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This is the story of a Texas-size house and the people who lived in it. The mansion, situated in Preston Hollow on a street named Gaywood near North Dallas, is arguably the most prestigious residence in the city. What commends it to the attention of the credit-minded reader, though, is not its splendid grounds or its Italian statues but its rich fifty-year history. As the Texas economy has gone for the past half-century, so has the Gaywood house. As financial fads have come and gone, so have the mansion’s owners. To get right down to the bottom line, the price of the house has appreciated at the approximate rate of 7 percent a year since 1938. That one number covers a multitude of sins, however.

Cipriano “Dick” Andrade, the builder and the first owner of the house, was born in New York City in 1898. Dick Andrade’s parents were moderately well off; nevertheless, young Andrade moved to Texas in 1922 to seek his fortune. He immediately hooked up with fellow oilmen Buddy Fogelson and Roland Bond, both of whom remained lifelong friends. During the twenties, Andrade was an oil-field wheeler-dealer who might hit it big and go broke all in a week’s time. If he wasn’t betting on oil wells, he was betting on cards or horses. And if he wasn’t gambling, he was partying. Few celebrities came through Texas without whooping it up with Andrade. Grantland Rice, Errol Flynn, and Pat O’Brien were frequent guests.

In 1930 the Daisy Bradford No. 3 came in, opening the East Texas Oil Field. This single oil field created more wealth than any other mineral discovery before or since in the continental United States. It made H. L. Hunt one of the richest men in the world and also did very well for Dick Andrade.

In 1937, at the age of 39, Andrade acquired about 28 acres in what is now North Dallas, then still the countryside, and built himself a large Georgian-style house—not large by Brideshead standards, just a comfortable 15,000 square feet. The land and the building cost $385,000, a lot of money in 1938. Andrade continued to lead his fun-loving, wheeling-and-dealing life in the new house—one party lasted a full week.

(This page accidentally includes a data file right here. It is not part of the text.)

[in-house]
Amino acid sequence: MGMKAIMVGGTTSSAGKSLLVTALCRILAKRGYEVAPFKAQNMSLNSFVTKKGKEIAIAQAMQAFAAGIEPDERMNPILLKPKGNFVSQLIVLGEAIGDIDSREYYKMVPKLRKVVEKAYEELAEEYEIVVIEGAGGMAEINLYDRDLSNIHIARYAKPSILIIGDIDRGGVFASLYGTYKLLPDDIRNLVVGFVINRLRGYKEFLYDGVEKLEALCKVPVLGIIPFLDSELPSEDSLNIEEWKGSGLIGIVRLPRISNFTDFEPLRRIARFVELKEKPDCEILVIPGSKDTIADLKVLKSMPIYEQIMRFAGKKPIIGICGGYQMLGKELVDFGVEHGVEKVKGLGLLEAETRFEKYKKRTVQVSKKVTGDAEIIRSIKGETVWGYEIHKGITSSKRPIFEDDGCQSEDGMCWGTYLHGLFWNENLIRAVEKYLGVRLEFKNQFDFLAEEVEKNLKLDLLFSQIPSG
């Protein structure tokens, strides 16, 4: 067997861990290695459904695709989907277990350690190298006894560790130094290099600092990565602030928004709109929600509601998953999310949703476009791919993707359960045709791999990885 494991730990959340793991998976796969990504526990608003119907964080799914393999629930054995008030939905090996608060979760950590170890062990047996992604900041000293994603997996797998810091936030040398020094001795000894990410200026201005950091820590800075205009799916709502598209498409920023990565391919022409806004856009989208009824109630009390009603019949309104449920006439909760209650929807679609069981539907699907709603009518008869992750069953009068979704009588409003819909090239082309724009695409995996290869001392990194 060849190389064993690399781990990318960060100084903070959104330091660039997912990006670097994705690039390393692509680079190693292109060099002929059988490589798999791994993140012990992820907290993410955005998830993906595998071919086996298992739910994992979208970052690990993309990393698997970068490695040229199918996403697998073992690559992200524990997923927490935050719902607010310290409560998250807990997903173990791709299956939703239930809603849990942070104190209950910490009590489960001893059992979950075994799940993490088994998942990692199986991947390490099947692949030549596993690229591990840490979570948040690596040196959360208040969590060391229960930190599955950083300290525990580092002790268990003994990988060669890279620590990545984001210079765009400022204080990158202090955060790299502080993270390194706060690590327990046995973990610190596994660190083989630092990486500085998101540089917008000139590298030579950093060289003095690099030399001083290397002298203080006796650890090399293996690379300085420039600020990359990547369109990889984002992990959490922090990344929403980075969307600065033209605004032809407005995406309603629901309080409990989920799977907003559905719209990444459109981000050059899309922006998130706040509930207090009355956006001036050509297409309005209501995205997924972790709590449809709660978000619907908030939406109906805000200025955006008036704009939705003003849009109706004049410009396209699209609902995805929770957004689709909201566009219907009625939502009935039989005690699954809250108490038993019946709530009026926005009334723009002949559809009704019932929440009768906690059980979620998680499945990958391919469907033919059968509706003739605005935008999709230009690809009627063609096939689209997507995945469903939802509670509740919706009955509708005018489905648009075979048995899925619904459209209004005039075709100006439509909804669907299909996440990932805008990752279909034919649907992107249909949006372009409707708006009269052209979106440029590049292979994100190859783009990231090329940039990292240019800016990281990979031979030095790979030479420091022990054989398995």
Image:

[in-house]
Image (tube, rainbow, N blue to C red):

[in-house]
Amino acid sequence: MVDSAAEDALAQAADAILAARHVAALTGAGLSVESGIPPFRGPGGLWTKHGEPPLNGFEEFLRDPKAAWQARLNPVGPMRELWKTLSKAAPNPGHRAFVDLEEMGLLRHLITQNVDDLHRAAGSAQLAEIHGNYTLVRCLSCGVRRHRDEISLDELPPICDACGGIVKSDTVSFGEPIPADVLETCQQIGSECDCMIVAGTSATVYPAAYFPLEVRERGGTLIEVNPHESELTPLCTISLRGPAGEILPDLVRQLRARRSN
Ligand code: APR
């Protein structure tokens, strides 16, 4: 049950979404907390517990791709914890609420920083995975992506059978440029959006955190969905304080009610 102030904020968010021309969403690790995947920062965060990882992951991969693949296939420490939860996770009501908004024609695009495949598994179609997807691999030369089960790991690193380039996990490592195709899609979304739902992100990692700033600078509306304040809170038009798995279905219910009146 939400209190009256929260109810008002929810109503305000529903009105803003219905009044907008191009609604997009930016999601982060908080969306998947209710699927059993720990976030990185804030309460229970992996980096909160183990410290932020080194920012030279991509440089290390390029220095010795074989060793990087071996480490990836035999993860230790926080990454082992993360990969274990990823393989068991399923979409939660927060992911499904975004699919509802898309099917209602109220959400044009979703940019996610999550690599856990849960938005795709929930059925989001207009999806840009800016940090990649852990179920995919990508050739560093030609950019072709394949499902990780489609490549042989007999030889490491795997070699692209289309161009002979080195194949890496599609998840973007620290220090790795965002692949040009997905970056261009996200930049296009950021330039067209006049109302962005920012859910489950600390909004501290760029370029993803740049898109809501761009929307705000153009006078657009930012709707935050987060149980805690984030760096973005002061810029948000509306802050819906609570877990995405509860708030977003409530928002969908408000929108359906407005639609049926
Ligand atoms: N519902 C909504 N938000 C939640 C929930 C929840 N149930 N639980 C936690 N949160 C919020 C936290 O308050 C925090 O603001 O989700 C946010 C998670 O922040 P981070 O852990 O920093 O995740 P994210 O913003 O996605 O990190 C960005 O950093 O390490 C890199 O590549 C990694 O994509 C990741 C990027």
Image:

Andrade died of a heart attack on New Year’s Day, 1961, at the age of 63. Shortly thereafter, his family sold the house and land, which by then had been enveloped by one of Dallas’ richest neighborhoods. The selling price for the property—several acres of which were subdivided out—was $550,000. If one views the estate as an investment, its performance to that time was underwhelming: a 1.5 percent annual compounded rate of return for 23 years. Dallas, which was growing and prospering, was not then producing the sort of big-house-buying individual wealth that booms in cotton, oil and gas, and real estate had created.

The buyer of the Andrade estate was accumulating wealth through a vehicle somewhat alien to the Dallas experience but one that would increasingly fuel fortunes throughout the state—the stock market. James J. Ling, who was born in 1922, the year Andrade moved to Texas, was destined to play a major role in the financial history of the sixties. Ling was on the cover of Time, Business Week, and Fortune. His conglomerate, Ling-Temco-Vought, became one of the biggest corporations in the country.

You can’t help admiring Jim Ling. Regardless of whether he is up or down—and he has been mostly down lately—he has always been the same person. He has had the same golf and gin-rummy buddies, and he doesn’t seem to have let great success or failure affect him in the slightest. He is 66 years old and a great-grandfather, and he is still in pain seven years after a bout with Guillain-Barré syndrome, a sometimes fatal nerve disorder. Nevertheless, he is still an imposing physical specimen. His son, J.T., who was ahead of me in high school, once held all of us younger fellows spellbound with a story of how his father had knocked a cow unconscious with his fist.